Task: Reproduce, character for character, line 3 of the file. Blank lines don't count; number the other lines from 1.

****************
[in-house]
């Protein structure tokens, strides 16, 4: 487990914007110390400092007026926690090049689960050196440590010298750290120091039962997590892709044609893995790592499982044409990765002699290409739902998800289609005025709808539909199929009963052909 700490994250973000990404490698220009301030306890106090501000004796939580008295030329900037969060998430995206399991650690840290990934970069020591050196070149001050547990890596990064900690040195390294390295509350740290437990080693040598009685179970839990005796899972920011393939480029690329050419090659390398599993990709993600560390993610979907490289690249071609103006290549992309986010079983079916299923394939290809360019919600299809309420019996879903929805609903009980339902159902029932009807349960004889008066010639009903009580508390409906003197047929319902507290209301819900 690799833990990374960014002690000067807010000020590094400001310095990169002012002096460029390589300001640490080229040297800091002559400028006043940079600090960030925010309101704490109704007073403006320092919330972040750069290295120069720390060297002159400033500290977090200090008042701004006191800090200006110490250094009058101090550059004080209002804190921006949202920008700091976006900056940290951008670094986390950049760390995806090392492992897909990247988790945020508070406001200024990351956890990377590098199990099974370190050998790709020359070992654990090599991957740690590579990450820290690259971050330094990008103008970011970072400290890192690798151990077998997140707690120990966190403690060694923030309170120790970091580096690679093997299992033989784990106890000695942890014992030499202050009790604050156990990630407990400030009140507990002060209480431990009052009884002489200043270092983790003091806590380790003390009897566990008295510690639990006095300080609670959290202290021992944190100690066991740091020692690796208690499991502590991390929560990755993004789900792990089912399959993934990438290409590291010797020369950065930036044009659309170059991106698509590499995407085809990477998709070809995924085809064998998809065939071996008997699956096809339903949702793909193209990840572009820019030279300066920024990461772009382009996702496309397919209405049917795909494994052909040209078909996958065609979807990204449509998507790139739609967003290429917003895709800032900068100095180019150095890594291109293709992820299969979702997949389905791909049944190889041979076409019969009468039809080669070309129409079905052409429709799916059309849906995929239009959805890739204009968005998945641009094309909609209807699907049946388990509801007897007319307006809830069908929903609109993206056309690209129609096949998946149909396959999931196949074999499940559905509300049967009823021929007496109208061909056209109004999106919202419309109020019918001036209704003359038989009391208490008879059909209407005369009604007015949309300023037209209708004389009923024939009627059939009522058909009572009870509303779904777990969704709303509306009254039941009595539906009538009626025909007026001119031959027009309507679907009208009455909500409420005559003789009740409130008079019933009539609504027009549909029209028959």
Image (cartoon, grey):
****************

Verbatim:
Image (cartoon, grey):